1. You can enter search criteria based on any combination of options.
• Search with partial information. For example, search for part of a first and last name by using the Starts with option from each field’s drop down menu.
• By changing Starts with to Contains you can search for a string of characters anywhere in the field. For example, if you were looking for a PAC record with “Health” in the name somewhere, the Contains search option would allow a search anywhere in the Last Name.
• Enter criteria in the Suppression section to exclude records from a search. For example, enter Flag “In List Of” “DNM, DNC” (common for Do Not Mail or Do Not Call) to exclude records with those flags from the results.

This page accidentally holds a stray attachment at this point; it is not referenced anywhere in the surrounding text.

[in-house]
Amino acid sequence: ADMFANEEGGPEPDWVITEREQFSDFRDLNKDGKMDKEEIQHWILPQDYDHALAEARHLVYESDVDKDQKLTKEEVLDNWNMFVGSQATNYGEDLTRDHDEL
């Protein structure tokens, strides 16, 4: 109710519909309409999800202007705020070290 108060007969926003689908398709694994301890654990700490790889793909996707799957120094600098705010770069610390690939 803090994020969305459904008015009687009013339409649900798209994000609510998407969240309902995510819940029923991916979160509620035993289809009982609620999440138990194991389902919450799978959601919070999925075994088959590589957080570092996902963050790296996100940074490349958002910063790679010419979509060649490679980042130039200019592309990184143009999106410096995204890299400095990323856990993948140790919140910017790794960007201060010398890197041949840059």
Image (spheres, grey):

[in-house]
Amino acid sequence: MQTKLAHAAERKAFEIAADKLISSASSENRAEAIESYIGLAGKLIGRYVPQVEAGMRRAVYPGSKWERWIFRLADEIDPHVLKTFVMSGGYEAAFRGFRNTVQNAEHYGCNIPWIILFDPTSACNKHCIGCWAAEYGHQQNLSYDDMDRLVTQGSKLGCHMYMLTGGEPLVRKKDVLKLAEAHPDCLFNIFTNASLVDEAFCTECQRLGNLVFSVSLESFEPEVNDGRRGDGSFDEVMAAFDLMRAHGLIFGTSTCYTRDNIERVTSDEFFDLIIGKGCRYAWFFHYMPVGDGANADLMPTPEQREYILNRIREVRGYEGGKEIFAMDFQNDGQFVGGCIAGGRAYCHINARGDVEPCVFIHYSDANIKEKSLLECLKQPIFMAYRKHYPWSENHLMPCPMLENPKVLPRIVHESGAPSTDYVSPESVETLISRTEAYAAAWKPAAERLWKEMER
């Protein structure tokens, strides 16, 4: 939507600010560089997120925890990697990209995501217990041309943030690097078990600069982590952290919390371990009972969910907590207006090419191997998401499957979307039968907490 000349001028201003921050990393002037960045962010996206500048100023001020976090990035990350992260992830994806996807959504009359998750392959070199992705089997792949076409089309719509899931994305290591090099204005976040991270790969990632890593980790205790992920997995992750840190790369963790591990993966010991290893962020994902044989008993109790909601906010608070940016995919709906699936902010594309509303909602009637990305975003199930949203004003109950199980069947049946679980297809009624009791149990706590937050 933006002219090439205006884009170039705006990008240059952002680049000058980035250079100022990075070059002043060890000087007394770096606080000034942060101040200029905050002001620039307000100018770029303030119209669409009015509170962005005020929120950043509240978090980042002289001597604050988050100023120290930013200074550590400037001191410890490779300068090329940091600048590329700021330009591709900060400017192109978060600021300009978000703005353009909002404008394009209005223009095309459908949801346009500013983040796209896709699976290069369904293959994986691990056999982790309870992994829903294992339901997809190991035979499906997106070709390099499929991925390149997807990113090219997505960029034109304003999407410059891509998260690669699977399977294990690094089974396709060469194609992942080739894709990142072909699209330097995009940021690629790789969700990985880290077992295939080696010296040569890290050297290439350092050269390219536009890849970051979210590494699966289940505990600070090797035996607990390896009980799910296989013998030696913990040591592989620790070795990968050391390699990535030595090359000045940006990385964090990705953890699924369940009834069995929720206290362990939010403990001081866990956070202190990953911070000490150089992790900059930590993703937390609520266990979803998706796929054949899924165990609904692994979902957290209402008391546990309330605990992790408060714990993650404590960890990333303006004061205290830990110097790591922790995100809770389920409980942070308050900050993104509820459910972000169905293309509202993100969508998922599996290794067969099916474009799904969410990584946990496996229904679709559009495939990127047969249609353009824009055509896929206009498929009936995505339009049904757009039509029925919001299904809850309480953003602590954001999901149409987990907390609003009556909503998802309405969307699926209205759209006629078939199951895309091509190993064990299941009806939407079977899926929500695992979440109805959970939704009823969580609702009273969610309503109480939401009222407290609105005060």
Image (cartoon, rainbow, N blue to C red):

• Checking the OR box suppresses records if criteria entered in any of the fields applies. If this box is not checked, records will only be suppressed if the criteria in all of the fields apply.
• Search for records based on dollar amounts in the Giving Summary and Gift sections. This includes options to search for amounts that are equal to, greater than or equal to, less than or equal to, not equal to, or between ranges.
4. The following are the options available for the results:
- Export – This option allows you to export the results to Excel.
- Mass Append – This opens a new window with options available to mass append Flags, Keywords, Notes, Tasks, or Events to your results.
- Print – This creates Full Profile Call Sheets for each result.
- Print Summary – This creates a summary report of all results.
5. You can also follow these tips to help with your People Search results: